Through diverse media, my work discusses the scientific inquiry on rising sea levels and the more significant implications of everyday behavior in society leading to climate change. A technique essential to my practice is producing still-life paintings and objects that can better communicate information to the public. By using still-life techniques in paintings from observing site-specific and site-responsive installations, I explore how the environment, society, and culture are linked with the issues of climate change. The still-life paintings and objects are the product of a space defined by my perceptions and experiences concerning particular objects in space and time. They are a carefully constructed reality that manifests the way in which I relate to the world.
The issues of climate change in my works are conceptualized in terms of causes and effects, which have long-term implications. The repercussion might be felt in places and times which are remote from their origins. They do not unfold uniformly but demonstrate thresholds that lead to some dramatic changes which are difficult to anticipate. The theory of entanglement is central to ways of understanding the issues of climate change and its environmental challenges in my works. “Entanglement means thinking about environmental issues as complex and multi-layered.” A key figure in social science thinking around the questions raised by such entanglements is the philosopher Bruno Latour. Entanglement can be understood as the relationship between human and environment, which influences each other. Following the work of Latour and the Geographer Doreen Massey, it is through entanglement that climate change connects to the interdependence between human and environment which is the key to global environmental issues. Latour argues that the feeling of crisis comes from the fact that we don’t have the politics and sufficient knowledge to absorb the new climatic regime. He suggests that only a new body politic inclusive of non-humans will open up the possibility of sustaining life on our earth. Latour and Massey’s notion of entanglement is important for thinking about my subject matter because it draws attention to the influence of human activities on the world. Unlike Latour and Massey, Ian Hodder, an archaeologist draws somewhat different conclusions. In his essay “The Entanglement of Humans and Things: A Long-Term View,” Hodder notes that “human and things co-constitute each other, human existence, and social life depend on material things and are entangled with them; humans and things are relationally produced.”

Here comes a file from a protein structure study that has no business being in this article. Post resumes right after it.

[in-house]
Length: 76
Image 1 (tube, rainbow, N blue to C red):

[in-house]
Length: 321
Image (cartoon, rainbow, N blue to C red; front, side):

My research explores Latour’s notion of entanglement between humans and nature, and Hodder’s reliance on humans and things on each other. My research seeks to understand whether they are both entirely compatible and complement each other. While Latour acknowledges that human and things are codependent and interrelated, Hodder recognizes mutual coexistence. Through my paintings and objects, I take viewers on a journey to experience the notions of entanglement. The complicated environment-society entanglements create significant consequences in climate change.
Moon Hee Kim